Sometimes you just want to be entertained. Issue led dramas, soul searching and doom laden productions are all well and good and can often be stimulating in their own way but it can be easy to forget that theatre is also a place to escape from “dull care” and just enjoy yourself. After a trying day (don’t ask) it was particularly pleasing therefore to unwind with Sasha Regan’s All Male HMS Pinafore which has just opened in revival at Wilton’s Music Hall in the East End.
Shockingly I had never been to this marvellous venue which is totally steeped in an atmosphere which must have prevailed when Gilbert and Sullivan’s celebrated operetta was first being performed in 1878. It was their first big hit and set the template for their many successes which followed. While it hasn’t been around quite as long, this production has certainly done the rounds over the last decade or so but, in this latest revival manages to come up as box fresh as some of the white gym shoes which are on display. Set below decks on a second world war navy ship, the listless sailors decide to entertain themselves by playing out the original for their own and our amusement. This neat framing device not only provides an entirely practical solution as to why this is an all-male performance but also means that the ingenuity of the show’s production team and particularly designer, Ryan Dawson Laight, is highlighted. With little more than couple of moveable bunk beds and items that might well be found dotted around a navy vessel (ropes and torches feature heavily) G & S’s world is reinvented and represented to huge effect.
The same applies to the costumes particularly of Sir Joseph Porter’s retinue of “sisters, cousins and aunts” who accompany him everywhere and provide the flimsiest excuse to have a “female” chorus in the first place – although in this iteration they actually aren’t – if you follow me. These roles are played with utter conviction and manage to be clever, charming, convincing and undeniably camp; the cast are clearly having a ball and make sure that the audience does too. There’s an absolutely stand out performance from Richard Russell Edwards as Cousin Hebe whose physical comedy, posed attitudes and facial expressions sometimes threaten to upstage whatever else is going on – but only in a good way; the actor clearly just has funny bones.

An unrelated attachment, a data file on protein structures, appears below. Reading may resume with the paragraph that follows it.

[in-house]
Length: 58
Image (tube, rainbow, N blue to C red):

David McKechnie nails the patter song, wrings comedy from every appearance and presents a bizarre figure as the First Lord Of The Admiralty who has never even been to sea. Interesting that G & S’s commentary on the political classes being promoted beyond their abilities is still entirely relevant and if you don’t believe me just pause to consider the case of Gavin Williamson (sorry, Sir Gavin Williamson). There are also excellent performances from Juan Jackson as a muscular Captain Corcoran leading his men in physical jerks and finding the right mix of humour and gravitas and Scott Armstrong as his admirer Little (little?)Buttercup. The pair share an inventively staged duet (“Things Are Seldom What They Seem”) early in Act Two which highlights the ingenuity of Sasha Regan’s direction. The main love story between Ralph and Josephine (Danny Becker and Sam Kipling) is surprisingly lacking in homoerotic overtones but both performers are in fine voice; Kipling’s falsetto is nothing short of stunning.
Indeed, the whole ensemble are fantastic and what a change to see a musical production which doesn’t use mics – not that there’s the hint of a problem with clarity, diction or projection; how refreshing. The accompaniment is just one single piano played with verve by Ashley Jacobs evoking the notion of school hall productions which the programme notes indicate that Regan was aiming to draw on. Needless to say, here it is taken to an entirely different and eminently enjoyable level and rounds out a performance which unfailingly delivers throughout.
I had a bad day yesterday; this production ensured that it wasn’t all terrible and that I finished the evening with a broad smile under my mask. This is a boat you wouldn’t want to miss so, “Let’s give three cheers and one cheer more” for the “infernal nonsense” which is Pinafore.